Small, gas-powered engines are about to overtake cars as the worst polluters in California. Operating the best-selling commercial lawn mower for one hour emits as much smog-forming pollution as driving a Toyota Camry from Los Angeles to Las Vegas.
Not only do gas-powered garden tools contribute to general air pollution, but the gardeners who operate them are exposed to carcinogenic exhaust fumes that raise their risk of carbon monoxide poisoning and respiratory illness. In 2020, California will consider new emission standards, but you can just say “No” to gas-powered garden tools now.
Most leaf blowers utilize a two-stroke engine. Fuel must be mixed with oil in these engines. Only 70 percent of the fuel completely combusts. As a result, two-stroke engines produce nearly 300 times the hydrocarbon emissions of a pickup truck.
Leaf blower haters would argue that the machines are unnecessary in the first place — leaves should be raked up, not blown around — but if you find them useful, performance ratings for electric models are as high as gas.
Gas mowers are responsible for five percent of U.S. air pollution and each year they result in more spilled fuel than the Exxon Valdez.
Lawn mowers are not as easy to do without as leaf blowers, but there are plenty of alternatives to gas. You can take the greenest route with a push mower, but if you must use power, choose electric. Both corded and battery models perform as well as a gas lawn mower, with less noise and pollution.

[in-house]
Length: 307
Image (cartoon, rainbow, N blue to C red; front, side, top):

As with all power tools, first consider whether you really need a hedge trimmer. Keeping a hedge from dominating a smaller garden is a high-maintenance proposition no matter what tools you use. If you have enough space, you can plant an edible hedge, which doesn’t require a formal, trimmed shape.
If you already have a formal hedge that’s too big to manage with a manual pair of shears, electric is the way to go. Home Depot reviewed power hedge trimmers and found that electric hedge trimmers were not only quieter but also more powerful than gas trimmers.
Depending on where you grew up, you call the string trimmer a weed whacker or weed eater. Whatever you call it, the string trimmer is invaluable for overgrown lawns and getting into spaces lawn mowers can’t reach.
The trade-offs between gas and electric trimmers are familiar: gas is loud and polluting and causes vibrations that can cause nerve and circulatory damage. However, extension cords may not reach all areas of a very large yard. A cordless electric may not have enough charge to do the whole job at once.
If you are fighting thicker overgrowth, electric trimmers may not have enough power to the get job done. On the other hand, if your brush problem is too big for an electric trimmer, you might be better off hiring goats than using power tools.
Feature photo by Counselling on Pixabay